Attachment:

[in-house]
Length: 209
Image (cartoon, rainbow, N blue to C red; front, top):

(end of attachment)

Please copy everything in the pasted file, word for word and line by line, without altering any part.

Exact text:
[in-house]
Length: 209
Image (cartoon, rainbow, N blue to C red; front, top):